Top tips for saving students money?
- Get a 16-25 Student Railcard to save 1/3 on train fares and renew when you’re 24 for 3 years to extend it to when you’re 27.
- Get in the habit of cycling now and use the £1,400+ saved every year on a big, fun holiday
- “Pre-load”: drink at home before going out so that you don’t need to buy any more alcohol in the bar or club. Much cheaper!
What do you enjoy doing in your free time?
I love reading. I’m currently reading books by Neal Stephenson and recommend everyone to have a look at Snow Crash. He predicted virtual reality, the meteoric rise of franchises, the internet of things and more 20 years before it happened. He’s latest book, Sevenes, is about what would happen if the moon was destroyed by an asteroid. It’s fascinating for anyone who has a penchant for engineering or problem solving.
I carry a book with me everyday and read it whenever I have free time. That’s on the train, bus, or when waiting for a meeting.
How do you save money?
I wrote a book called Money’s Big Secret
in which I introduce the idea of The 3-30 Money Diet. For 3 weeks, you live on £30 after rent. It’s a short and intense burst of money saving. I do this several times a year.
I also do ‘Inflation Resets’. This means living abroad for a a pro-longed period of time, say 1-3 months, in a place that is cheaper than the UK. This saves you money and prevents inflation from eating into your savings. I give multiple examples in my book.
What was your biggest financial mistake you made?
I’ve made hundreds of mistakes. In fact, mistakes are the way I like to learn. I prefer to discover by trial and error than through months of research, and am prepared to lose small amounts of money in the name of education.
When I first started investing I put £50 on Tesco. The mistake wasn’t that Tesco went down, it’s that I invested too little. When buying stocks and shares there is a transaction fee, and the service I used charged £11 just to make the trade. So on my first trade I lost 20% to admin fees! It is likely that I will have to wait 30-40 years to make that money back. The lesson was not to buy individual shares with small amounts of money, instead, put it into index funds which are much cheaper.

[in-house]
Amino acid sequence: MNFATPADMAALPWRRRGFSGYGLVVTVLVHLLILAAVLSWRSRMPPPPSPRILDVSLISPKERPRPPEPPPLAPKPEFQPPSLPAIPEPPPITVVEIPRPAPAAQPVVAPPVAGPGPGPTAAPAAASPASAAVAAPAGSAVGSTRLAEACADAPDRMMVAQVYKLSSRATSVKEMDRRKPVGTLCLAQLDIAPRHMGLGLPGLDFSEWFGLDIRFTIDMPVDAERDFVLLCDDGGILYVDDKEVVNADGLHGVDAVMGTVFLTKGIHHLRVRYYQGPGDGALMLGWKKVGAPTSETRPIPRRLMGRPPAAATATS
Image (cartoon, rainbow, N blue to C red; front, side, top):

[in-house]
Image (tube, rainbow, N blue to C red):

What investment mistakes do you think most people make?
Three things: First, not starting early enough. Second, assuming they know something. Third, not thinking of their job as an investment. I’ll go through each one:
1. Start Early, As Early As You Can
Money’s first big secret is that it grows faster and faster with time. This is called compound interest. When you invest it, assuming the same level of growth every year, it grows slowly at first, then more and more and more. The curve is shaped like a climb of a roller-coaster. However, it’s stretched out over decades. Sometimes 30-40 years. If you want to retire on £1 million by the time your 60, invest £500 a month, every month, from the age of 26 at 8% per year.
2. Assume No Knowledge, Diversify
Over 90% of professional finance “experts” do not beat the average over five years. These are the experts who do it all day, every day! So how can you and I, who do it for one hour a month or less, say that we know what we’re doing? We can’t. We have to accept that we’re guessing. And if we’re guessing, if we’re throwing darts in the dark, what should we do? We should take the shotgun approach. Throw not just one dart, but a thousand darts. Or a hundred thousand darts. Throw them everywhere. You can do this with index funds. You put your money in and it automatically gets divided between thousands of companies, Governments, shares and bonds, all around the world. If one goes down, you’re OK, because your eggs are in many, many baskets. It grows slowly with time. The fastest way to start is Nutmeg.com
3. Your Job IS an Investment
Your job will be your main source of income for your entire life. You invest more time into your job than anything else. So it is an investment just like anything else. Therefore, you should think hard about the returns you’re getting. Might it be possible to earn more by starting your own business? Maria ofThe Money Principle
advocates one should start a business for it grows in revenue much faster than anything else.
What’s the most extravagant thing you’ve ever bought?
I once bought a girlfriend £400 pair of shoes. A fool in love! They were nice shoes though…
What’s the one piece of financial advice you would give your younger-self?
Don’t go to University. A controversial thing, perhaps, but I don’t think the education is worth the £50,000 price tag it now comes with. Most courses can now be learnt online for free with Google and YouTube.
One bad financial habit you’d like to kick?
Not looking for cheaper rent more regularly. It’s the biggest expense and yet we tend to accept it as is. I should be looking for cheaper places to live every six months and figuring out how to make it less of a hassle.
What’s in your wallet?